EVALUATION OF THE VULNERABLE CHILDREN GRANT

S. Kendall and others

Department for Education and Skills, 2004 (Research report; RR592)

Report was commissioned to evaluate the implementation of the Standards Fund Vulnerable Children Grant (VCG) introduced in April 2003. Report covers how the grant has been implemented, the strategies and interventions funded by the grant, the impacts, outcomes and effective practice associated with VCG funded interventions, methods for identifying and tracking vulnerable children, and Local Education Authorities' methods for monitoring and evaluating the implementation of the grant.

HOMOPHOBIA, SEXUAL ORIENTATION AND SCHOOLS: A REVIEW AND IMPLICATIONS FOR ACTION

I. Warwick and others

Department for Education and Skills, 2004 (Research Report; RR594)

Homophobic bullying can affect children's and young people's physical and emotional well being and their attendance at school. Report reviews current knowledge and identifies gaps.

IF YOU WANT YOUR CHILD TO GET AHEAD, FIND A NURSERY PLACE

A. Frean

The Times, Nov. 26th 2004, p.2

Children who have formal pre-school care start infant school with the equivalent of year's head start over those who stay at home, according to the latest findings of the government-funded EPPE (Effective Provision of Pre-School Education) study. What really mattered was not the number of hours a day spent in care, but the number of years spent in pre-school.

(See also: The Independent, Nov. 26th 2004, p.7)

EDUCATION AND ISLAM: A NEW STRATEGIC APPROACH

M.I. Coles

Race Equality Teaching, vol.22, Summer 2004, p.41-46

Calls for a new strategic approach to the education of Muslim pupils in mainstream schools, which takes account of the centrality of their faith in their lives.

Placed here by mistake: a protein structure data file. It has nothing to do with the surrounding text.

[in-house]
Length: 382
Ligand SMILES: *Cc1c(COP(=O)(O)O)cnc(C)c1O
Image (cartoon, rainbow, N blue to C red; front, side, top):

HOW SPECIAL

R. Woolnough

Community Care, Nov.11th-17th 2004, p.28-30

Two professionals present arguments for and against educating children with special needs in mainstream schools. While professionals are supportive of inclusion in theory, in practice schools lack funding and teachers lack the special training they need to cope.

IMPROVING CHILDREN'S BEHAVIOUR AND ATTENDANCE THROUGH THE USE OF PARENTING PROGRAMMES: AN EXAMINATION OF GOOD PRACTICE.

S. Hallam, L. Rogers and J. Shaw

Department for Education and Skills, 2004 (Research report; RR585)

Some Local Education Authorities currently encourage parents who fail to ensure their children attend school regularly to go to parenting classes before they consider bringing a prosecution. In December 2002, the government announced the introduction of parenting contracts under which parents will be required to attend parenting classes in order to bring about an improvement in their child's attendance/behaviour in a specified period. Survey showed that parents generally found the programmes helpful in improving their relationships with their children and their children's behaviour.

INEQUALITY, ACHIEVEMENT AND AFRICAN-CARIBBEAN PUPILS

C. Hunte

Race Equality Teaching, vol.22, Summer 2004, p.31-36

Research has identified key issues underlying the underachievement of Afro-Caribbean pupils, including:

  • low teacher expectations for academic success;
  • high teacher expectations for challenging behaviour;
  • discriminatory behaviour management practices;